New MACES program introduced for marijuana

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GVL Archive Marijuana

Chelsea Lane

With marijuana-related offenses on the rise at Grand Valley State University, the team behind the university’s Alcohol Campus Education Services, or ACES, is introducing a new program, MACES, for students charged with marijuana offenses.

Like the ACES program, which GVSU requires students charged with liquor law violations to participate in, MACES is an educational program aimed at informing students about the health consequences and safety risks of marijuana use, as well as dispelling myths and misconceptions about the drug.

According to GVSU’s latest published crime statistics, liquor law violations, including minor in possession citations, have decreased, but drug violations have increased.

In 2010, 56 students were charged with drug violations, compared to 34 students in 2009. The Allendale Campus’ reported drug offenses “almost entirely” involved marijuana, said Capt. Brandon DeHaan, the assistant director of the Grand Valley Police Department.

Use of marijuana is a 90-day misdemeanor charge, while possession of marijuana is a one-year misdemeanor. DeHaan said the increase in on-campus marijuana charges could possibly be the result of GVSU’s “revolving” population as students enter into or leave the university community each year.

“If those students were consuming marijuana in high school, then there is a higher prevalence to continue using it college,” DeHaan said. “That doesn’t necessarily identify trends for us but a cause as we have that revolving student population.”

Eric Klingensmith, director of both the ACES and MACES programs, said the increase could also be the result of changing generational attitudes toward marijuana. Based on his interactions with students, Klingensmith observed that some students today view marijuana as an herb with medicinal properties rather than as an illegal drug, and marijuana is often perceived as being “safer” than abusing prescription pills or using other drugs.

“The fear factor is no longer there,” he said. “… In reality, it’s still a drug and it still has drug potencies.”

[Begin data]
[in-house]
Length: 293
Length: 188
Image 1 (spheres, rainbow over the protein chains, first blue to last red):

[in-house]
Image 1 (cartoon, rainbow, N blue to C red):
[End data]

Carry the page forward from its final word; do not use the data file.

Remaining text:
Klingensmith said marijuana on the market today is more potent than marijuana from decades past and can also be laced with other harmful substances which the user may be unaware of, since there is no regulation on marijuana like there is with alcohol.

After a student is charged with a marijuana offense by either the GVSU or local police, notification is sent to the Dean’s Office. The student is then contacted by the Dean’s Office and required to attend one of the MACES sessions.

While ACES sessions are held once a week, Klingensmith said the need is not currently as high for MACES sessions, which will be scheduled on an as-needed basis throughout the semester. Three sessions have been conducted so far this semester.

Like the ACES program, Klingensmith said MACES takes a “non-preachy” approach and focuses on safety and health rather than passing judgment on students who choose to use marijuana.

“We really try to focus on being non-judgmental,” he said. “We’re trying to make this an educational experience, not a punishment. … You decide what to do with it. If you decide to take that risk again, you may get caught again. We want students to be aware of that and make hopefully good choices down the road.”

After completing the session, which lasts for 90 minutes, all students must complete an evaluation of the program and offer feedback on their experience with MACES. While concrete data has not been processed yet, Klingensmith said anecdotal feedback shows most students felt they had learned something from the program, particularly about marijuana’s impact on driving ability and the link between marijuana usage and traffic accidents. In response to initial student feedback, MACES is currently working on incorporating more video clips into the program as well as showing actual neural imaging to demonstrate marijuana’s effects on the brain, a topic already covered in the course.

The MACES program is also available as a workshop that can be conducted for the general student population at on-campus housing units if students are curious about the program or housing staff would like to introduce it to residents. Klingensmith said the workshop format is part of taking a “proactive versus reactive” approach to marijuana use.

There are also plans to eventually expand the ACES program to include other drugs. According to Klingensmith, the likely next step will be focusing on the abuse of over-the-counter and prescription drugs.

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